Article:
School Reform Models
For the last 100 years, school reform models in the United States have been hotly debated. The basic premise for how schools should be designed bounces back and forth between a back to basics design and a new trend design. In the 1920s, that meant you were an advocate for back to basics if you used a school efficiency design or a new trend educator if you used a progressive design. Although advocates over the years argue for one or the other, most schools exhibit, or have characteristics of both. Today, I want to point you to a model that defies easy duality definitions—and perhaps the definition of holistic design will do for now because it has characteristics of both efficiency and progressive designs, and adds the holistic component of connecting schooling to community in order to address intergenerational poverty.
The definition of “model” in school reform relies upon those characteristics that can be replicated in other locations. Since building schools and reforming schools is a non-science, the extent to which we can talk about replications must be considered under the social sciences. Not exactly a science, but we can use parallel characteristics of school reform efforts and they can help us compare and contrast reform efforts.
EAST LAKE MODEL
Ten years ago school people and community developers teamed up to build East Lake into a thriving community. Their model:
“Our model is a three-pronged approach to change with high quality mixed-income housing; a cradle-to-college education pipeline; and community wellness programs, all guided by a Community Quarterback leadership group. Together, they create our holistic approach to community revitalization. Learn more about our model and approach.“—Purpose Built Communities
PURPOSE BUILT COMMUNITIES WORK TO REPLICATE THE EAST LAKE MODEL
“As word of East Lake’s success spread, other philanthropic civic leaders expressed interest. Purpose Built Communities was established in 2009 to replicate the East Lake model in other urban areas of concentrated poverty around the nation. Billionaire investor Warren Buffett and former hedge fund manager Julian Robertson joined Mr. Cousins in backing the organization. Purpose Built Communities is now involved with numerous similar initiatives across the country, providing a blueprint for breaking the cycle of intergenerational poverty and building brighter futures.”—Purpose Built Communities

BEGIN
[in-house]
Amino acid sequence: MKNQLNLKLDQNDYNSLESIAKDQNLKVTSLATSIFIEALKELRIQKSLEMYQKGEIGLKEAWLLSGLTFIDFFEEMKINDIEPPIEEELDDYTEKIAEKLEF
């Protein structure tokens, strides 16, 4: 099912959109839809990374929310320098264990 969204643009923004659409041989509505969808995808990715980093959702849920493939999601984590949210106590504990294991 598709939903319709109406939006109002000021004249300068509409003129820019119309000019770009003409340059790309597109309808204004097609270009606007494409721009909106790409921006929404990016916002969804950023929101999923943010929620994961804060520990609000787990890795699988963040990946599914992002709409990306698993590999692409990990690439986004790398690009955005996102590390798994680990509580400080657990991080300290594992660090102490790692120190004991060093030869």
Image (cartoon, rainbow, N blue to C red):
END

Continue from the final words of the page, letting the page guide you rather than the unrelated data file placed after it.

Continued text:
“Former Atlanta Mayor Shirley Franklin joined the team in 2010 and serves as Executive Board Chair. Today, Purpose Built Communities is helping to make a positive impact in some of this country’s most challenging neighborhoods. We are working with our Network Members to lead comprehensive redevelopment initiatives in more than a dozen communities across the country, and exploring initiatives in more than 20 additional communities.”—Purpose Built Communities
A HOLISTIC APPROACH
“The seeds for success were planted in Atlanta, Georgia in 1995 when local real estate developer and philanthropist Tom Cousins learned that East Lake Meadows was a place without hope, and committed to changing the conditions and destinies of the people living there.”—Purpose Built Communities
Mr. Cousins partnered with Atlanta Housing Authority President and CEO Renée Glover, resident leader Eva Davis, and local business leaders to undertake the monumental task of revitalizing the neighborhood. This devastated neighborhood was home to some of the worst crime rates in the country, rampant drug use, a substandard school, and extreme poverty.—Purpose Built Communities
Extreme Poverty Needs Our Help
It is important to see that this change is not scientific, does not come with a manual, and is difficult to replicate. However, the path is clear and the ingredients for success are a community quarterback such as a school, a re-developing neighborhood, and a strong commitment to partner over the long run.